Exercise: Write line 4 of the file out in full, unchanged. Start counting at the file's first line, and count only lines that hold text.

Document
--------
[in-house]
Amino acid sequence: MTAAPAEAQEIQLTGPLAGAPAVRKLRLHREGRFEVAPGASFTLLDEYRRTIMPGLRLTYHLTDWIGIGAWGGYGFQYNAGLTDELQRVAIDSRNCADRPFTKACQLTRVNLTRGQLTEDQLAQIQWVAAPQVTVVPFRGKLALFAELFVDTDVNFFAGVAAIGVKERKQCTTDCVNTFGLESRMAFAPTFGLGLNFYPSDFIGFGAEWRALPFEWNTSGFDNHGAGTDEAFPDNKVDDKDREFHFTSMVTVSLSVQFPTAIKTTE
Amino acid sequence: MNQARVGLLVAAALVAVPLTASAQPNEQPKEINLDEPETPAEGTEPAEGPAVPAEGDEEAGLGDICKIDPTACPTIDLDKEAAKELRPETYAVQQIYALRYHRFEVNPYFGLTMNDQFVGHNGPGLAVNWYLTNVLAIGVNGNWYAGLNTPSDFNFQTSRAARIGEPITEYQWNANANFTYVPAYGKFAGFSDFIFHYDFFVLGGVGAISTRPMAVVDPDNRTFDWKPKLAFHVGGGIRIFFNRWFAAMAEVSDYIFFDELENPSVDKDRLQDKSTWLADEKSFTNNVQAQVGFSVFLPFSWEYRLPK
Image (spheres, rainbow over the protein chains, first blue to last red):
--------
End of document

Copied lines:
Image (spheres, rainbow over the protein chains, first blue to last red):